Possibilities and Necessities

In a recent opinion piece in the Washington Post (Liberals and conservatives don’t just vote differently. They think differently.), Chris Mooney addressed some of the reasons the differences between liberals and conservatives have become so acrimonious over the past few election cycles. According to Mooney, “There’s now a large body of evidence showing that those who opt for the political left and those who opt for the political right tend to process information in divergent ways and to differ on any number of psychological traits.” Liberals, it seems, are more open to new experiences and accepting of differences than conservatives are. Conservatives are also more likely to have a high need for “cognitive closure,” for deciding what’s true “for all time.”

As I thought about Mooney’s article, what came to mind were the NLP observations about modal operators and the Conduct Metaprogram. Modal operators of necessity (such as can’t, won’t, have to, must, must not, need, should, shouldn’t, if … then) tend to coincide with the “Rule Following” aspect of the Conduct Metaprogram. Modal operators of possibility (such as can, could, will, want, hope, it’s possible) indicate options and choice. In brief, conservatives have faith in the “tried and true,” while liberals desire to find a better way.

The cognitive differences underlying the current political divide were previously explored by George Lakoff in Moral Politics : How Liberals and Conservatives Think, in which he argued that conservatives had a “strict father” model of the world as opposed to the “nurturant parent” model of liberals. The strict father believes in self-reliance, self-responsibility, and firm discipline and punishment for “sins.” The nurturing parent, on the other hand, promotes exploration, discovery, and forgiveness.

Given these differences, it is easy to see why the political conversation in the U.S. (and perhaps elsewhere) becomes acrimonious from time to time. And this seems to be one of those times. Given the core nature of the conflict, what has been called the “War on Women” is easy to understand. Many cultures (perhaps most) have myths in which women bring trouble into the world, with the best known being Eve of Judeo-Christian thought and Pandora of Greek mythology. A strict father is required to keep the family on the “straight and narrow,” and punishment for “transgressions” is the only way to do that. Women in general, and women’s sexuality in particular, need to be controlled to prevent social degeneration and a new Sodom and Gomorrah. The conservative vision is that we are on a slippery slope of licentiousness leading to perdition, which helps explain the desire to limit (or eliminate) birth control and abortion, both of which seem to promote sin without punishment.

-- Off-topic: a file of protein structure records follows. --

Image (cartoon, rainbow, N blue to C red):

Given the liberal desire for individuals to be “free to choose,” the language used in Republican “talking points” makes sense. The Conservative perspective is that Obama can’t be a “strict father” because he is viewed as “other;” he is not a member of “our tribe” and may be a Socialist Muslim. His “reckless agenda” and “failed,” “job-killing” policies will lead us to perdition.

It is hard to say, of course, to what degree leaders of the Republican Party believe their own talking points, as they would need to discount a lot of hard evidence to maintain those beliefs. While they have their own set of beliefs that contradict reality, most Democrats are liberals, and liberals tend to explore more options. Conservatives tend to march in formation. Liberals all march to the beats of different drummers. In NLP terms, Conservatives are in favor of strict rules guidelines: My rules for me; my rules for you; my rules for everyone. Liberals, on the other hand, favor a looser interpretation: My rules for me; your rules for you; others follow their own rules. That’s why Conservatives basically agree that abortion should always be illegal, while Liberals think that “If you don’t like abortion, don’t have one.”

Given the number and significance of the differences between Conservatives and Liberals, finding common ground is difficult. Chris Mooney ends his article by saying, “[T]here only is one reality—and we don’t get to discount it forever.” In some sense, however, denial of reality is an ongoing process. Yesterday’s truth is today’s fiction. The more we learn, the more we discover that our ancestors who thought they understood science, history, and cultural dynamics were wrong. In the Grand Scheme of things, it wasn’t that long ago that well-eductated people held a geocentric view of the universe. As much as they cherished freedom, many of the Founding Fathers of the U.S. owned slaves. At this point in history, most people in most cultures believe that slavery is immoral.

Things change. That’s one of the reasons I believe it is important to be open to new experiences and the possibilities of new discoveries. It’s also the reason that, in spite of agreeing with much conservative thought, I am basically a Liberal who believes in the concept of progress and the need for change.

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